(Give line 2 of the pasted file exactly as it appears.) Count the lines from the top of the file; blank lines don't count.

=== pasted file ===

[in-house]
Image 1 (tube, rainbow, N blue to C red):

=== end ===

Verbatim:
Image 1 (tube, rainbow, N blue to C red):